Lucas Monroe (above) and Abington are the reigning District 1 6A champions. (Photo: Josh Verlin/CoBL)
Kevin Cooney (@KevinCooney)
(Ed. Note: This story is part of CoBL’s “Prepping for Preps” series, which will take a look at many of the top high school programs in the region as part of our 2017-18 season preview coverage. The complete list of schools previewed so far can be found here.)
It is the elephant in the middle of the room. And Charles Grasty knows that the only way that the Abington basketball program is going to make that pachyderm go away forever is to talk about it.
After all, the Ghosts program has been one of District One’s premier upper classifications for the past decade. They have won the district title two of the past three years.
And yet, there has been failures at the state level after winning the district title. A 64-63 first round loss to Central Dauphin East last year in the Class 6A tournament echoed a 71-66 first round loss to J.P. McCaskey in 2015.
“We were 30 seconds to play in a state title in 2014 (in a semifinal loss to eventual state champion New Castle),” Grasty said. “People don’t even remember that- or they don’t talk about that. I’ve heard more about the first round loss in the districts (in 2016) than 2014.
“The motivation is to try and get yourself in position to play in that type of game or setting. That is the motivation. The negative is something that weighs in the back of the kids’ minds. It’s there- although I think it’s more motivation.”
And now, at the dawn of a new season, Abington carries the weight of great expectations once again. In many minds, they are not just the favorite to roll to another Suburban One League National Conference title. They are expected to make another run at a District One Class 6A title and to be a major player at the state title.
“We can look at (the expectations) one of two ways,” Grasty said. “We have our program going in the right direction in what we are trying to do. But we have to bring our A game every game. I think our league is going to be really good. Just because we have the bullseye on us with expectations doesn’t mean it’s going to be easy. That makes it tougher because we know we’re going to get everyone’s best shot.”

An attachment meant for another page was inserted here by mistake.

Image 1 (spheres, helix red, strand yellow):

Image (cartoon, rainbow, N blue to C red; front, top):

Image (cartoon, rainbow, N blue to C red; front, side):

And they are going to be led by a core group that is filled with that ultimate contradiction of youth and experience. The Ghosts best player -- Eric Dixon -- is a 6-7 junior that has received a slew of Division One offers and who can move around into different spots on the floor in the three guard, two forward offense. Dixon is expected to run the point for Abington out of the forward spot.
Eric Dixon (above) has over a dozen Division I offers as he enters his junior season. (Photo: Josh Verlin/CoBL)
The biggest improvement in Dixon was – according to Grasty- his physical fitness. “He had to get his body together,” Grasty said. “Playing as a ninth grader, you don’t understand the varsity speed. It caught him a little bit by surprise. But he’s in much better shape this year. And he knows that he has to play hard every game and can’t take plays off. He’s getting it and he’s getting more vocal.”
Lucas Monroe -- the 6-6, 210 junior -- will be Dixon’s running mate in the starting lineup up front. Monroe’s primary strength is his length on the inside. “He’s got a lot more confidence,” Grasty said. “He’s shooting rebound and he’ll rebound. And he can really rebound.”
Robbie Heath also will return from the defending District One champions. The 6-3 senior guard was one of Abington’s top scorers last year. “He really got himself into the weight room,” Grasty said. “He was really solid and he had a really good fall in that sense. He’s a really good scorer, but he’ll handle the ball for us as well.”
Brandon Coffman and Brian Coffman – a pair of senior twin brothers -- figure to be a part of the rotation as well. “Brandon is more of a junkyard dog type of player with getting loose balls and crashing the boards,” Grasty said. “He plays hard and defends well. Brian is more of a natural shooter and slasher. He can really get his shot.”
Darius Brown – a 5-foot-10 junior- will also figure into the mix at the guard spot. “He shoots it really well and he’s got a really good understanding of the game,” Grasty said.
There are others that could figure into the mix- Grasty signed out senior guard Xavier Crawford and 6-4 J.P. Nolan -- as potential figures into the mix.
“With the guys that we have, it is not a me-first attitude,” Grasty said. “They get it. They love the game. We have some really good pieces.”
In the end, however, those pieces are only going to matter if Abington is able to get over that final hump. The landscape of winning a state title or even making a deep run in the tournament is not easy to navigate. Over the past decade, it has been made more complicated because of the demographics of the bracket that can send elite District 3 teams that maybe had one in-district slip-up into a tough matchup. (McCaskey and CD East were probably better than their district seeding would indicate).
Still, it is motivation and Grasty is willing to use it.
“Our guys are hungry,” Grasty said. “They bring that loss (to CD East) up a lot. We had two sophomores and a junior in our starting lineup for that game last year and we also played two more sophomores. They get it. But once in a while, I’ll stop practice and get them refocused with that. It stunned a lot of our guys. They felt like they let their brothers down. And they don’t want to do that again.”